Ursula K. Le Guin, who was arguably America’s greatest living author (and one who hated getting pigeon-holed as a science-fiction or fantasy writer), died Monday at the age of 88, her son has announced.
The news set off a firestorm on Twitter — not the usual kind, thank goodness, but a sudden flurry of people debating which of Le Guin’s works touches us the most deeply and remains the most relevant.
Usula K. LeGuin, one of the greats, has passed. Not just a science fiction writer; a literary icon. Godspeed into the galaxy.
— Stephen King (@StephenKing) January 23, 2018
Was it Wizard of Earthsea, the 1968 classic, and its five sequels, which showed the world how to write a wizard student’s coming-of-age story decades before Harry Potter was a gleam in J.K. Rowling’s eye? The Left Hand of Darkness (1969), a truly revolutionary novel about a race of aliens that changes gender at will, which holds up better than ever in 2018? The Dispossessed (1973), which featured the first ever anarchist utopia in fiction, decades before Occupy Wall Street was a thing?
No consensus was reached, and that was revealing in itself. Le Guin had a lot to tell us about ourselves — and even though her later books became a little preachy, every word of the sermon rang true.
She had the goods on humanity. As the daughter of two anthropologists, she had the receipts. It took a lot of books, and plenty of sci-fi/fantasy window dressing, to get it all out. By the end millions were crowded at her feet, listening intently to what seemed like slow, deep wisdom from a lost age.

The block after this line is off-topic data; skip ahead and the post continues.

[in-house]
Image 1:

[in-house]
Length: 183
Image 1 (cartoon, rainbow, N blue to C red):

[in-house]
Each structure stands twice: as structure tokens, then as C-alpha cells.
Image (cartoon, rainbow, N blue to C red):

To my mind, Le Guin’s best book was her deceptively slim novella The Lathe of Heaven (1971). It’s yet another genius premise: a guy named George Orr (a homage to George Orwell) who can change reality, past as well as present, every time he dreams. George is naturally terrified of this power and tries to self-medicate his dreams away. But a greedy, smooth-talking therapist called Haber gets George to fix the universe according to Haber’s plans.
The Lathe of Heaven was often seen as Le Guin’s tribute to Philip K. Dick — another writer who liked to poke the boundaries of reality. (Amazingly, the two California kids attended Berkeley High School at the same time; even more amazingly, they never actually spoke in person).
But it also reveals plenty about Le Guin herself — who discovered at the age of 5 that she could change the world, and make new ones, entirely by manipulating words. It worked: Apart from writing stories that casually grandfathered Harry Potter and foretold Game of Thrones, she invented the ansible in 1966.
The ansible is a device that communicates instantly with other ansibles no matter where they are in the universe, creating a kind of cosmic internet. Scientists have recently started to prove that such long-distance instant communication is possible. Because she dreamed it, we already have a word for it.
By the end of The Lathe of Heaven, Le Guin has destroyed and remade the world several times over. It’s a trippy roller coaster ride worthy of big budget science fiction. But she’s also dosed the reader with a strong sense of calm, a deeper understanding of humanity, an aversion to smarmy authority figures who want to bend reality to their will, and a healthy respect for the power of dreams.
In 2018, there’s no lesson more urgent.
Ursula K Le Guin may be gone — but if we’re smart, we’ll be hearing her name and her ideas echo through the decades until gender-fluid astronauts are transporting ansibles to the farthest stars.
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